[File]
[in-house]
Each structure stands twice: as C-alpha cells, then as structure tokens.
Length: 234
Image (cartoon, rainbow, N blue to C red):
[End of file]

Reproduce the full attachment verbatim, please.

[in-house]
Each structure stands twice: as C-alpha cells, then as structure tokens.
Length: 234
Image (cartoon, rainbow, N blue to C red):